“Hey!” I shouted after him. “Where are you going? You can’t just leave me here!” It occurred to me after speaking that he could probably do whatever he wanted and I couldn’t appeal to his sense of morality to get him to do what I wanted. Because he was the Devil, and appealing to the Devil’s sense of morality might be as difficult as trying to taste something with your ear.
I remained seated, bound to the chair by invisible restraints. I squirmed, trying to loosen a hand, but the chair tipped crazily, and I decided I was probably better off tied to a chair that was standing than to a chair that was on its side. Not that it was likely to make much difference if I was supposed to rot here for an eternity.
I focused my energies on trying to wriggle a foot free. There didn’t seem to be much slack in whatever was holding my ankles together. No matter how I tried to shift my feet, angle my legs or twist my ankles, nothing I did gave any hope of loosening the firm pressure my restraints held on me.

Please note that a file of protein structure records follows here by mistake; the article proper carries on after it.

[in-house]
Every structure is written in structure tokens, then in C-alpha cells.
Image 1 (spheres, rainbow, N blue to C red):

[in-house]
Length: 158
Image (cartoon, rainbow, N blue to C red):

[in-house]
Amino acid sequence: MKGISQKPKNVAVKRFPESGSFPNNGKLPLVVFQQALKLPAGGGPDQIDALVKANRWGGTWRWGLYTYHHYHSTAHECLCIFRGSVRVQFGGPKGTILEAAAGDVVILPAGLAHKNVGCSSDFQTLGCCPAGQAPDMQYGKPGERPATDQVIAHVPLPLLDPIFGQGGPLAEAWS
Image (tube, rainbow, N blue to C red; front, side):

I began to feel uneasy.
First it was just a bout of dizziness, like I’d stood up too fast and needed a second to adjust. But then, instead of dissipating, the feeling grew steadily worse. Soon it was accompanied by a headache, whose intensity grew in a similar fashion. Then came the nausea. Cottonmouth. Constipation. Sharp pains in my inner ear. Then I noticed droplets of red swimming in front of my vision and in the midst of my agony I realized my eyes were bleeding.